How to buy a Digital Camera
Short history of a rapidly changing market.
Digital camera sales became ‘mass-market’ around the year 2000 and most of the rapidly increasing sales were small ‘compact cameras’. About 2005 more experienced photographers began to use digital SLR cameras as the price became affordable. Compact digital cameras continued to increase in sales until around 2010 when smart phones with camera began to take over the ‘point & shoot’ market of family and friends snaps. There are now very few cheap small compact cameras on the market although there are plenty of ‘high end’ compact cameras.
What camera do you need.
There are four types of digital camera and before deciding you need to think about what are you going to use it for. The main question is; do you want a light weight camera for travel or a larger camera with easy access to menus. The number of mega-pixels is no longer and issue and there is NO NEED for a large zoom unless you shoot sports or wildlife.
After teaching students for several years I have found the biggest factor for beginners is ‘how easy is it to access the key menus in your camera’, such as exposure compensation, scene modes, flash, macro, self timer, movie, ISO and white balance. For this reason it is easier for beginners to learn on a ‘bridge’ camera or SLR.
Do your homework on the type of camera you want, before you go shopping.
(You cannot make valid decisions on the shop floor.)
Go to a reputed camera shop for advice on the type of camera you want.
(Buying from a camera shop, allows you to return for help at any time.)
Ask if there is last years model available – it may be at a discounted price.
Photowarehouse 190 George St. have the biggest range of cameras in Dunedin and Harvey Norman Cnr Maclaggan St & Rattray St also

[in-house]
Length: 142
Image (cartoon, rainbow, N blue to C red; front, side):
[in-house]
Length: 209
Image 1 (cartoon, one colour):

Useful links to camera information
Ken Rockwell writes excellent reviews of Nikon cameras
Thom Hogan writes very detailed, easy to read guides for the more advanced Nikon cameras
Here are useful tips for using Canon SLR cameras
CAMERA REVIEW SITES
dpreview provides detailed reviews of most cameras
Steve’s Digicams is a useful reference for camera reviews
Start with a basic camera under $300. When you are more experienced you may want to buy a sophisticated high end compact camera. I find Nikon Coolpix and Panasonic Lumix to have much easier menu systems than any other compact cameras. Make sure you have quick access to scene modes, flash, exposure compensation, macro, self-timer and a movie button.
Brian’s pick –
Panasonic SZ10 – about NZ $250 Details ..
These look like the larger SLR cameras but you cannot swap lenses. However they often come with a very large zoom which makes them a very versatile choice especially if you are interested in photographing wildlife – or sports – children in action, etc. They usually have all the key menu controls at your fingertips and excellent macro ability.
Brian’s pick –
Panasonic FZ80 – about NZ$648 Details …
MIRRORLESS (MICRO FOUR THIRDS) CAMERAS
These cameras were introduced a few years ago as a new concept in digital camera. By removing the glass prism and mirror which SLR cameras have, it is possible to make a much smaller high quality camera with interchangeable lenses. Although these are smaller than an SLR and easier to transport, they are not cheaper. Also they have electronic viewfinders, which can take some getting used to and very complex menu systems. Because of the complicated menus, I think they are more suited to a photographer who has spent years on an SLR, and fully understands the key menus.
Brian’s Pick –
Olympus EM 10 – about NZ $1200 Details …
SLR (Single Lens Reflex) CAMERAS
SLR cameras use a mirror and prism to enable you to see through whatever lens is on the camera. As a beginner it pays to start with one of the most common brands and you may get a second hand camera at a good price. Canon and Nikon are by far the most popular, but the Nikon SLR cameras have a much easier menu system. You should pick the most basic model or perhaps one slightly above the bottom level to get a better menu selection.
For everyday portraits and landscapes a zoom lens of 18 – 55mm focal length is quite adequate although 18 – 70 or even 18 – 200 gives you a bit more flexibility. (18mm gives wide angle for landscapes and 55 – 70 is the best range for portraits and to enhance landscape backgrounds. ( These focal lengths are for SLR cameras with DX format – not the more expensive full frame cameras.)
You don’t need to buy an extra longer tele-photo such as 70 – 300 mm unless you plan to shoot a lot of sports or wildlife
Brian’s pick –
Nikon D5200 $745 (with 18-55 lens) Details …
You may want to select the, Nikon D5200 (with 18-200 Tamron lens) at NZ $998